Welcome back to our cogbites interview series, where we interview cognitive scientists by asking them a few questions about their interests in science and what keeps them engaged both in and out of the lab.
As a reminder, you can learn a little about our team of contributors by reading their bios (either on our author page or at the bottom of each post), but this is a chance to get to know some early-career scientists even better. Our last interview was with Alexandria (Alex) Samson, a graduate student at the University of Toronto in their Psychology Graduate Program specializing in Perception, Cognition, and Cognitive Neuroscience.
This week we interview Caitlyn Finton. Caitlyn recently graduated with her PhD from Cornell University – her thesis defense was in November 2021! (Go Dr. Finton!) Caitlyn contributed to cogbites for two years. You can read her engaging cogbites posts, mostly focused on animal cognition, here. She also recently had her first paid article published in Discover Magazine!
Caitlyn’s degree is in Psychology with a concentration in Evolutionary and Behavioral Neuroscience. Her supervisor was Dr. Alex Ophir. While in graduate school, Caitlyn studied the neurobiology of social behavior. She focused on prairie voles and looked at how memory contributed to their monogamous mating tactic. Before graduate school, Caitlyn received a B.S. in Biology with a concentration in Animal Behavior from Indiana University. Now, Caitlyn is works as a fulltime science communicator at Harvard University under Dr. Mahzarin Banaji.
Here’s our interview with Caitlyn:
Why did you decide to pursue cognitive science?
I was always someone who loved animals. As I went through undergrad, I also realized that I also really liked understanding how things worked. Animals were cool, but I wanted to know why they did what they did. Because I was interested in this connection between mechanisms and behavior, I started specifically studying neurobiology and animal behavior. This gave me the best of both worlds: I could study animals and try to figure out why they did certain behaviors. I think it’s so fascinating to understand what causes both people and animals to behave in certain ways.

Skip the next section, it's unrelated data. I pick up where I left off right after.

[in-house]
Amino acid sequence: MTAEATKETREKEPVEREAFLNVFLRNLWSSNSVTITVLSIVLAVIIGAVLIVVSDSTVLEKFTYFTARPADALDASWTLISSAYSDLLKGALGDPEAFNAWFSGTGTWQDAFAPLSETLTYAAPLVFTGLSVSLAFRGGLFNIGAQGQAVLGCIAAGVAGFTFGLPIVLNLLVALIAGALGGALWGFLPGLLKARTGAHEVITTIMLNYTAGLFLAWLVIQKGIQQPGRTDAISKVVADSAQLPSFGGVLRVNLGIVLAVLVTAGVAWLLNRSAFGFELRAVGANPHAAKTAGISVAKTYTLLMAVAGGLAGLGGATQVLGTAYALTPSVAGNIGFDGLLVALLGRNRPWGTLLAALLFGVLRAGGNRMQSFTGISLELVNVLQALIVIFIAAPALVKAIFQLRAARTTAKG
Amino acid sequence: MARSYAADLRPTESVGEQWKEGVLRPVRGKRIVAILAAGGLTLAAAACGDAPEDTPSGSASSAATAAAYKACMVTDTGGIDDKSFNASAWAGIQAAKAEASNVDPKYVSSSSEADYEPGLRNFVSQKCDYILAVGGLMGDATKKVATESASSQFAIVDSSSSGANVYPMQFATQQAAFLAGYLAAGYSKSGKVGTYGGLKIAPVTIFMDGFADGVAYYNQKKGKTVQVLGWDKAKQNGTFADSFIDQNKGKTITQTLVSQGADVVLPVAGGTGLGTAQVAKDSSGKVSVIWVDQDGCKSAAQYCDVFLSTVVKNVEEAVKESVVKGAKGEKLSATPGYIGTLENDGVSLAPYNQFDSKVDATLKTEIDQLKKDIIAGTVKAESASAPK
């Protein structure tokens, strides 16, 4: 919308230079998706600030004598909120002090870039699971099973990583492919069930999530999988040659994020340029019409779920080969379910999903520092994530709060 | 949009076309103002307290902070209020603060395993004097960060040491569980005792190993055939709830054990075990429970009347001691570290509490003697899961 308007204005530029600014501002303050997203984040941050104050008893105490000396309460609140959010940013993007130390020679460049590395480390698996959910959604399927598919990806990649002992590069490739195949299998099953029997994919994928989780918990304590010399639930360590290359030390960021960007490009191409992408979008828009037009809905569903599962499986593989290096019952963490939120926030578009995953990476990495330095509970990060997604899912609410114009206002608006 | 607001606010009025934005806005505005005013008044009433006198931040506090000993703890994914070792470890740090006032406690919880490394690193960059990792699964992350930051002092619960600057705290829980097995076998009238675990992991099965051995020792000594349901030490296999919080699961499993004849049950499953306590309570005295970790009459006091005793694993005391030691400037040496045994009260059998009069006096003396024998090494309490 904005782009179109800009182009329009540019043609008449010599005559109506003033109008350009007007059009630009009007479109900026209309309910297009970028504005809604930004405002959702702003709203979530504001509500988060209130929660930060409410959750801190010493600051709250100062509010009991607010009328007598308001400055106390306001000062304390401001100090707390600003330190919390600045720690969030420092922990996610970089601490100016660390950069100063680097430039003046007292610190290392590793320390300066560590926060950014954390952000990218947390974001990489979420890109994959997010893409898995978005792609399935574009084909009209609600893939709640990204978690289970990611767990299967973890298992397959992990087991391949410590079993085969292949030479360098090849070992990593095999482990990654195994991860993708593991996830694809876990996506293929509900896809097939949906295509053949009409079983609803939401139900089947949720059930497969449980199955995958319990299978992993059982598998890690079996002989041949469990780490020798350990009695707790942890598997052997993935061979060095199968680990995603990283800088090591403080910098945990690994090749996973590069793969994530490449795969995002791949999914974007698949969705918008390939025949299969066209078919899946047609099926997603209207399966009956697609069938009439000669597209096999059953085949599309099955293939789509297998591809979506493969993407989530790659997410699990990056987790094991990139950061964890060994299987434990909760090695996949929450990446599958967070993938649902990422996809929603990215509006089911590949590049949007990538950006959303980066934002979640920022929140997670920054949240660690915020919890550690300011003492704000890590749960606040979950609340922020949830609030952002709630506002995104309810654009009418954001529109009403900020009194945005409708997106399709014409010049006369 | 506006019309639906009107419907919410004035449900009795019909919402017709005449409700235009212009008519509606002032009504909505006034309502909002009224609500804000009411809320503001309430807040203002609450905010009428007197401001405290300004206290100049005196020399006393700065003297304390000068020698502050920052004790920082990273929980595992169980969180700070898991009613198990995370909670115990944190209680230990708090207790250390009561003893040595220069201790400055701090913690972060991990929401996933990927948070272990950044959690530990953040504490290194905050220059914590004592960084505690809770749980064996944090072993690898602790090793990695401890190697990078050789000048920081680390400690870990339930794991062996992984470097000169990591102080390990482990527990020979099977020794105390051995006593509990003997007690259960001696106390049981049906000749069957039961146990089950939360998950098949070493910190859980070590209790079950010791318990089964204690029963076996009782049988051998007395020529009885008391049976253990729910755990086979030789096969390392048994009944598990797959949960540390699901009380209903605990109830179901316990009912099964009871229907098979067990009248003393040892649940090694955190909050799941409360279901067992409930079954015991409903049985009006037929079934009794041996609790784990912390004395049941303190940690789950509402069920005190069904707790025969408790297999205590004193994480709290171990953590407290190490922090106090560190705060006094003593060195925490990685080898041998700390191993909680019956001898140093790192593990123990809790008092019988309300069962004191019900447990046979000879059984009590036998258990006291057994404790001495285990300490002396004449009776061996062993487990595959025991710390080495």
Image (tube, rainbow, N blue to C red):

What are you currently working on?
I am currently moving out of a research-focused career and into science communication. I am working with Dr. Mahzarin Banaji on her project, Outsmarting Human Minds. This project explores the hidden blindspots of our mind that can lead to things like implicit bias. By knowing the science behind implicit bias, we are better able to counteract it. I am currently a content creator and write new material to be added to the site.
What’s the most important concept in cognitive science?
I think one of the most important concepts in cognitive science and neuroscience is the idea that brain regions are connected. For a long time, neuroscience segmented brain regions into certain tasks. The hippocampus is important for memory. The amygdala is important for emotion. But the more we learn about the brain, the more we know this way of thinking about it is false. Sure, the hippocampus is really important for memory. But it also takes in information from all sorts of other brain regions (like the amygdala!) in order to make memory happen. By segmenting the brain, we miss out on fully understanding how the brain works. I think that as more and more people look at the brain in a holistic view, our understanding of it will deepen immensely.